Hypocritical Response Squad?
When I found RRS, I was very excited to find other like-minded people to have rational conversations with. Where I live that is something very hard to come by. Even on the internet, it seems like everyone is still in the closet about their real beliefs.
I am always open to new ideas and consider any theory possible at first. If the person talking (or writer/blogger) has a better knowledge than me, I will listen to their story, ask probing questions, and learn everything they are willing to share. If I know more than the other person, I will hear them out and give the best response I can.
If I hear crazy conspiracy theories such as aliens are running our government, I will start by assessing the real possibility of it, taking all information into account, then estimate a likely percentage of truth. In this case I would say about 0.01%. Gov't hiding information of aliens, about 70%. 9/11 being an inside job, about 60%. I give these percentages because I don't know for sure, but given all the information I can find, I estimate a likeliness. I do the same for psychological, biological, and social analysys.
The reason I titles this "Hypocritical Response Squad" is because this group appears to be very open minded, willing to have a "rational" debate about topics. It even advertises that:
attacks personal or otherwise, are not acceptable, especially from people who aren't willing to admit that they could be wrong.
I have brought up a few topics for debate in which I did not feel like were being rationally debated, and even at times I felt as though i was being personally attacked for my ideas. Most of the time these are not even "my ideas", they are interpretations of other people's ideas, which I then estimate a percentage of possibility. So I don't necessarily "believe" these things, but I do give them consideration.
Two topics in particular are the 9/11 conspiracy (which I said I give a 60% chance of), and most recently, the idea of panspermia. Panspermia is the idea that life can be ejected off one planet (by means of comet collision or other method) and land on another planet and still be able to spread. This is a unique case because with the number of planets and meteors/asteroids, it almost has to happen somewhere in the universe, so I give the idea a 99.9% chance, but the odds of it happening to a given planet are more like 1 in a billion. I give the idea of fundamental building blocks of life forming life a 99.9(repeating)% chance, but again, the odds of it happening on a given planet 1 in a billion. Given both of these methods of life existing on a planet, both seem to have about the same likeliness.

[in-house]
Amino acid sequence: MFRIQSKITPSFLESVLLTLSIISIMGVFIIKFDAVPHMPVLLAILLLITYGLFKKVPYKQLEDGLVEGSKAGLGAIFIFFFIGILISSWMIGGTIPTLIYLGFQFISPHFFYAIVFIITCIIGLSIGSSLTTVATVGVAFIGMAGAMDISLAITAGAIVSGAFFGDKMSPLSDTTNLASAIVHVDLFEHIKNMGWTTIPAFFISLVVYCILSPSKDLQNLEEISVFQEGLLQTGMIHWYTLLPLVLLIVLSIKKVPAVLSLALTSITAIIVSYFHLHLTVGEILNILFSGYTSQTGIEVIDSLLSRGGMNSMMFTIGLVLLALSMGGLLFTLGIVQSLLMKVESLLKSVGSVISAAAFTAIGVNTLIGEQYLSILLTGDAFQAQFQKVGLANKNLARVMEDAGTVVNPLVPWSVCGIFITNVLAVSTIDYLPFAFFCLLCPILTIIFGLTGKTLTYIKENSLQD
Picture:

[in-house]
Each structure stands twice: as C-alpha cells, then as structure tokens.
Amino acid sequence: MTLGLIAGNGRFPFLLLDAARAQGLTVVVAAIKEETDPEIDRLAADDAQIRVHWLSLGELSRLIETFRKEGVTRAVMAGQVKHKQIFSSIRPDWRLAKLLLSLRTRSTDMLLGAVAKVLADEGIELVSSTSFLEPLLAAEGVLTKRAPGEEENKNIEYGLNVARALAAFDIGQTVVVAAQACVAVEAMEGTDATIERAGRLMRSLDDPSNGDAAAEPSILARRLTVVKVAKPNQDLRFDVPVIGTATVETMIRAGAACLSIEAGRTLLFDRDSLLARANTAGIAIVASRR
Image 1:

I got flamed for supporting this idea, with comments like I had no understanding about how life or the universe works. I felt like my intellect was being attacked, and the debate on the topic did not get anywhere. So much for the "attacks personal or otherwise, are not acceptable" part. How about the "especially from people who aren't willing to admit that they could be wrong". Some quick searches will reveal that I am not retarded, and that RRS could actually be wrong.
The idea that Martian microbes may have traveled to Earth as stowaways on meteorites sounds like science fiction, but it may be a good idea. George Thompson, professor emeritus of geophysics, says "the travel time and conditions in transit are probably tolerable for beasts like those found in bore holes," that is, thermophilic organisms. And the recent discovery of evidence of possible life forms in Martian meteorite ALH84001 makes interplanetary immigration of organisms from Mars seem less outlandish.
The study was funded by the NASA Exobiology Program. SR
Posted on Stanfords website, funded by NASA, and I am the one with no understanding of life or the universe? I really don't care that much about panspermia, I just don't like being attacked personally when I am simply trying to get new ideas out in the open.